Christine Garner

All rights Reserved

All rights Reserved

Many years ago there were no monkeys on the island however within the past year the vervet monkeys (chlorocebus pygerythrus) have grown in leaps and bounds and become the most vibrant species today on our island. Native to Africa they travel in social groups of anywhere between 5-25 at any given time. Their specific chant calls to each other and continual playful antics provide my camera and I non stop entertainment all day long. In this photo, a lone monkey stares up at a banana tree hoping his mates have left him some fruit (which they did not).

The green iguana, also known as the common iguana was first introduced to St. Maarten back in the mid 1990’s. Young Iguanas are extremely green but lose their color as they get older. This particular guy with his dinosaur like appearance and extremely unusual beautiful beige, orange and blue colors which are pronounced during breeding, posed for me at a private undisclosed location on the island. The fact that they are so locally sought after for making “soup” on the island makes them vulnerable.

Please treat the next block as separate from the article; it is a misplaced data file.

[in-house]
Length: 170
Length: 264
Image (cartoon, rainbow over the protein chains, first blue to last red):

One comment

  1. Julien C says:

    Hi, Both of these species are invasive. As alien invasive species they are damaging our heritage. I’m not sure this would be a good choice to promote these species. But it would be a good opportunity to tell everyone what is going on with those guys. Vervet monkeys and green iguanas are responsible for damages against our natural heritage and may lead to a disappearance of endemic species like Lesser antillean iguana. In few years, regulation of these species will be costly for us… However, your pictures are really great!

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